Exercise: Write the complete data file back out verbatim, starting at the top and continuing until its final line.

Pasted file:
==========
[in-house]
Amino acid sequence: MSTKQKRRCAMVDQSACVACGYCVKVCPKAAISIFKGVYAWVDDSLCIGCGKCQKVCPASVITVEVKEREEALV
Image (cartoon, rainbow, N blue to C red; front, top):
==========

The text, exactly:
[in-house]
Amino acid sequence: MSTKQKRRCAMVDQSACVACGYCVKVCPKAAISIFKGVYAWVDDSLCIGCGKCQKVCPASVITVEVKEREEALV
Image (cartoon, rainbow, N blue to C red; front, top):